UK’s First Tech Start-Up to Implement 4-Day Working Week Encourages Other to Follow

urchana mougil

A recent study from independent not-for-profit organisation, Be the Business, has revealed that just 7% of managers across the UK have launched a 4-day working week or are deciding to do so.  

This figure is up 5% from last year when Be the Business surveyed directors from small to medium sized firms across the UK. However, there is evidence to suggest organisations remain unconvinced that a 4-day working week is viable for their business. With many believing that productivity would take a hit and that the transition would prove too costly. 

UK tech start-up and employees reward platform Mór, adopted the 4-day working practice since they launched in February 2021 and believe that other tech companies and start-ups should follow their lead and look to establish the innovative way of working. 



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Mór became the first tech start up in the UK to implement the 4-day working week and it is now ingrained into the core ethos of the business. Co-CEO Urchana Moudgil explains that:  

“We are proud to be pioneering the four-day working week. We often say ‘we work to live and not live to work, but how many of us actually do that?  We wanted to change that mindset and create an organisation and environment that actively encourages a positive work-life balance. 

She added that. “Prioritising employee welfare and creating a culture of positivity has been invaluable for productivity and the mental health and wellbeing of our team, who have embraced the four-day working week.” 

Currently they are around 30 UK companies taking part in a six-month trial of a four-day week, where employees will be paid the same amount as if they were working their usual five days. 

The pilot scheme – run by the 4 Day Week campaign, think tank Autonomy and researchers at Cambridge University, Oxford University and Boston College – will measure whether employees can operate at 100% productivity for 80% of the time. 



A report by the thinktank Autonomy used profitability statistics on over 50,000 UK firms and found that under a worst-case scenario, a four-day week with no loss of pay would be affordable for most businesses once the initial phase of the COVID crisis has passed.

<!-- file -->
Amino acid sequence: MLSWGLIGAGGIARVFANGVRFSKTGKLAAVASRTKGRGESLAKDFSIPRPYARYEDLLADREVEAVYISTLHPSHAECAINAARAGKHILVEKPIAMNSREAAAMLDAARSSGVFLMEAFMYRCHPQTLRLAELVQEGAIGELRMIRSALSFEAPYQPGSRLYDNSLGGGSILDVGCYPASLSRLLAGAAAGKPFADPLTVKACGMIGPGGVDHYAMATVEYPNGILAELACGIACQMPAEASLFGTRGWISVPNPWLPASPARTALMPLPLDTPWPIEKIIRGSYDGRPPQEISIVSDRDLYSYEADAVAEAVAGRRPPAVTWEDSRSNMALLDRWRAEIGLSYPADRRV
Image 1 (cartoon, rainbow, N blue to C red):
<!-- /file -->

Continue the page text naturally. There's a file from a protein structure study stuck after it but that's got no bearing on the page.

Will Stronge, Director of Research at Autonomy, said: “Any policy push will have to be carefully designed, and different strategies would need to be deployed for different industries. However, what is remarkable is that if it happened overnight, with no planning, most firms would remain profitable.”

The benefits of introducing a four-day working week have been outlined in numerous studies. 

The positive results from trials in Iceland and Japan, as well as the introduction of the practice by the UK Government, have all pointed to a positive outcome.  The main reasons given for businesses introducing the new working practice include:  


  • A reduced environmental impact, through less commuting days and working from home. 
  • A belief that introducing these measures will stand to increase productivity and corporate pride, rather than reduce them. 
  • A better work-life balance for our employees, leading to an increased focus on mental health and wellbeing. 


Urchana Moudgil, also believes a flexible approach to work, is something that could benefit other tech start-ups when it comes to attracting and retaining talent. 

“Since day one, we have employed a four-day working week. It was important for us to introduce this from the inception and make it clear that this was a core principle in which we believe. 

More people than ever are looking for flexibility from their workplace and this approach and new way of working can help set their business apart from others.” 


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